Fen, Bog and Swamp: A Short History of Peatland Destruction and Its Role in the Climate Crisis

Scribner. Sept. 2022. 208p. ISBN 9781982173357. $26.99. SCI
Pulitzer Prize–winning author and lifelong environmentalist Proulx follows Barkskins, her 2016 novel about lumbering, with this collection of short essays about peatlands. Draining a swamp, readers learn, comes as naturally to humankind as destroying a forest. Beginning with “Discursive Thoughts on Wetlands,” Proulx recounts childhood memories of swamps, discusses how wetlands are classified, explains general properties of peat and its crucial role in carbon capture, and more. With the exception of “heroes of the bog”—sphagnum mosses—she does not write extensively about wetlands’ flora and fauna. Rather, her focus is on human relationships with wetlands, including a fascinating account of northern Europe’s Iron-age bog bodies. Her eye for folly is sharply trained on the long record of ruinous drainage “projects.” But while there are many occasions for eco-grief in the book, there are also glimmers of hope: e.g., in the scientists who laid the groundwork to the understanding of these ecosystems and the many restoration projects underway.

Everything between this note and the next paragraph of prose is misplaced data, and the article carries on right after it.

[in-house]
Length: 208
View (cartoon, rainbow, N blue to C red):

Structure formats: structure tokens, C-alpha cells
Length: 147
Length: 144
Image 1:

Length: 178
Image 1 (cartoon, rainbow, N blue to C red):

VERDICT Fans of Proulx’s fiction, even those with marginal interest in peatlands, will be intrigued by the snippets of memoir and the habits of a writer’s mind that this collection reveals.
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